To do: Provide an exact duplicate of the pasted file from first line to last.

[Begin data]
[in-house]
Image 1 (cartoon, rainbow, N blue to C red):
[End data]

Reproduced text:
[in-house]
Image 1 (cartoon, rainbow, N blue to C red):